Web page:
In Jewish tradition, Light (Or) to describe Messiah comes from Genesis 1:4: “And God saw the light, that it was good.” What was this light that was created before the sun and moon? (created on the fourth day Gen 1:14-19). The rabbinic sages, puzzled by this “good light,” make a connection with another unique light, spoken of by David in Psalm 36:9: “For with You is the fountain of life; in Your light we see light.” This light within a light, according to one traditional teaching, is the light created on the first day, which David recognizes as King Messiah.
In the Talmud (Pesikta Rabbati 36), the following comment is made on “Light” as a name of Messiah: “For what light is Israel waiting? This is the light of Messiah as it says, ‘And God saw the light that it was good.’ This teaches us that the Holy One, blessed be He, observed Messiah and his deeds before the creation of the world, and concealed his Messiah under his throne until his generation.”
Messiah as a “concealed light” (Or ganuz—Or gaNUZE), according to traditional teaching, is waiting to be revealed when the right time arrives. He is a “primordial light,” present at creation—hidden for a time. The rabbis considered “Light” to be one of the secret names of the Messiah, not only because of the Genesis allusion, but because of Daniel 2:22, Isaiah 42:6 and Isaiah 60:1-3. We think it is safe to say that just as “In the beginning was the Word, and the Word was with God, and the Word was God” (Jn.1:1), in the beginning was the Light (Yeshua)…called in the Book of Hebrews “…the brightness of His (God’s) glory” (Heb. 1:3).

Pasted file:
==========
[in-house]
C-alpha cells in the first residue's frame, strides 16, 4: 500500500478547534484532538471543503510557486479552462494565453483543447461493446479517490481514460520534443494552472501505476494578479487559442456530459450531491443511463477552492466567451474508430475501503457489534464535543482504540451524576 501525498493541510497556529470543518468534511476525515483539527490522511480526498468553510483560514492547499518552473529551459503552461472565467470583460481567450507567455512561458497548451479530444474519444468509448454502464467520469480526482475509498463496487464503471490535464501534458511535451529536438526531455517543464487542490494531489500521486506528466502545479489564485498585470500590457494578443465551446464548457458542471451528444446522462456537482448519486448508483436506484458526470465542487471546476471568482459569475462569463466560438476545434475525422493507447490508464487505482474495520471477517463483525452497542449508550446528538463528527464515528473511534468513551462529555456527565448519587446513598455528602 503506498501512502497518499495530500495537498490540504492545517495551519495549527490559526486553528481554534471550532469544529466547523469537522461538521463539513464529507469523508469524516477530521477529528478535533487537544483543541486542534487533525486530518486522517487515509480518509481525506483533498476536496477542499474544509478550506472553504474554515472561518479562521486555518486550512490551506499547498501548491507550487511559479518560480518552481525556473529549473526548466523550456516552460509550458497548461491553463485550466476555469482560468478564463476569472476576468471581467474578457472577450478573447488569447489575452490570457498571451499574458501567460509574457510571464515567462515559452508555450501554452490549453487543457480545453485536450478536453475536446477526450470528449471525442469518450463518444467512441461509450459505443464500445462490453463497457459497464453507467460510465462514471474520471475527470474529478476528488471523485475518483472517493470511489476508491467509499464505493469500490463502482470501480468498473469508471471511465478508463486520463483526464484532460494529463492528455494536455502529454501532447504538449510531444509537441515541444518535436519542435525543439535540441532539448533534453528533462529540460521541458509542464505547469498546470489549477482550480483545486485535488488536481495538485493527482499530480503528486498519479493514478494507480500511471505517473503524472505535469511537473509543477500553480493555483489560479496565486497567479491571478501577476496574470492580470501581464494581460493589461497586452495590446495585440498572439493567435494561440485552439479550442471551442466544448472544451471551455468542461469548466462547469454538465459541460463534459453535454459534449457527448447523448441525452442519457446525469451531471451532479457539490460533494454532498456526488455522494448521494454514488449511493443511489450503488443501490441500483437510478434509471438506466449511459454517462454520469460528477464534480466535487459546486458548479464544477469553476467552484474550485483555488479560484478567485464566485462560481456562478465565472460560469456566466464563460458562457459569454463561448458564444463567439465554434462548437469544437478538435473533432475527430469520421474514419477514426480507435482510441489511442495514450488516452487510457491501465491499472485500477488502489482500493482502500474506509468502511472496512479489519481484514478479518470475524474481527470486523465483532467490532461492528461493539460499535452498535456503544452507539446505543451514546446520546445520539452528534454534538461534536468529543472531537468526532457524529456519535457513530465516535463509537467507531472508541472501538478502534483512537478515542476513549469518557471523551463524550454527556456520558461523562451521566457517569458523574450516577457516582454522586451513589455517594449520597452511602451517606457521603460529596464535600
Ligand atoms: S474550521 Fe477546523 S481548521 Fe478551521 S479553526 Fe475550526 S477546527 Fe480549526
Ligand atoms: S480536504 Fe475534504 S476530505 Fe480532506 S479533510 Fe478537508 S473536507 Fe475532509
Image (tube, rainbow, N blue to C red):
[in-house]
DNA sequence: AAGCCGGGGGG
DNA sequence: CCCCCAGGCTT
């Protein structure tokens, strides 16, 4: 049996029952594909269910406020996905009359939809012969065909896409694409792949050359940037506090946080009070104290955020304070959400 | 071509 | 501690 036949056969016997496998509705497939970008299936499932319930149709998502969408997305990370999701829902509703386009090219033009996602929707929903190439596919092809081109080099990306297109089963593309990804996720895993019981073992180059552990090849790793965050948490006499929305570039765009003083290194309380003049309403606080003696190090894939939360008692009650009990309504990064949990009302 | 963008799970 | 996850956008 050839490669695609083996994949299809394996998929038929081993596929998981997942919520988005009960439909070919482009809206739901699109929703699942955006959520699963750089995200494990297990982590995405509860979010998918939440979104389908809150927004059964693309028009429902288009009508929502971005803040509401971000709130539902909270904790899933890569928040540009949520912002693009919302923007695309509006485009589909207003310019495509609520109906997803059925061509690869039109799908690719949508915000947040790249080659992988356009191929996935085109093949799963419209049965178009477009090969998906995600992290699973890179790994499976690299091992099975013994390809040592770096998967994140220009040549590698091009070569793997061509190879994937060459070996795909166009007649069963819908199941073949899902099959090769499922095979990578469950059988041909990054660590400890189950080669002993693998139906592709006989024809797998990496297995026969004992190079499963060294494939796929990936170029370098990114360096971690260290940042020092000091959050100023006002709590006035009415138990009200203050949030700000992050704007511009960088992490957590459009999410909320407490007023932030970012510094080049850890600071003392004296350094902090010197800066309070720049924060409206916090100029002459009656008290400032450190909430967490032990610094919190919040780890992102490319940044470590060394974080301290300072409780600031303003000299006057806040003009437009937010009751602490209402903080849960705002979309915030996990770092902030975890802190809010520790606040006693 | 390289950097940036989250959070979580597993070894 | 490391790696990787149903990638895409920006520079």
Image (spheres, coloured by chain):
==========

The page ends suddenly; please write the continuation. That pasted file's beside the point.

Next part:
If the Light (Messiah) was once concealed, and was to be revealed in God’s timing, we see Yeshua, Or HaOlam, The Light of the World, making His famous declaration at Sukkot in the midst of the ceremony of Illuminating the Temple (Jn. 8:12). He proceeded to prove His claim as The Light by opening the eyes of the blind (Jn. 9:1-7). Yeshua as Light was made manifest to all. Even though He had come up to the Feast in secret (Jn. 7:10), He came out of hiding to reveal His Light. Perhaps Yeshua’s exhortation in the Sermon on the Mount refers to concealed vs. revealed light in our lives: “You are the light of the world. A city that is set on a hill cannot be hidden. Nor do they light a lamp and put it under a basket, but on a lampstand, and it gives light to all who are in the house. Let your light so shine before men, that they may see your good works and glorify your Father in heaven” (Matt. 5:14-16).
His Name is “Lion”
Lion (aryeh) is a traditional name for Messiah and also Neil’s father’s name. This name for Messiah is derived from the blessing that Jacob gave to his son Judah: “Judah is a lion’s whelp; from the prey, my son, you have gone up. He bows down, he lies down as a lion; and as a lion, who shall rouse him?” (Gen.49:9). Verse 10 continues with: “The scepter shall not depart from Judah, nor a lawgiver from between his feet, until Shiloh comes; and to Him shall be the obedience of the people.”
Shiloh, in Jewish tradition, is also one of Messiah’s names, but the focus of Jacob’s blessing is on the Messiah as a Lion (in character attributes, not in essence). The word lion is mentioned three times in Genesis 49:9. Judah is first a cub or whelp (gur aryeh). Next he is a lion (aryeh), then a fully mature lion (lavi). Tsvi Sadan comments in his book that this picture of a cub growing to maturity fits well with the Jewish understanding of the way in which Messiah will come: first as the “Son of Joseph,” then as the “Son of David.” The “Son of Joseph” (like Joseph, Jacob’s son who was sold into slavery) is premature or “killed.” Then the Messiah as “Son of David” will be as a fully-grown lion, and king over all. Messiah at first has authority like a lion’s cub, but in the end like a lion king.